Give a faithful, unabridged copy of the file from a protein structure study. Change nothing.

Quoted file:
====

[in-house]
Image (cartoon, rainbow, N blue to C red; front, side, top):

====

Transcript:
[in-house]
Image (cartoon, rainbow, N blue to C red; front, side, top):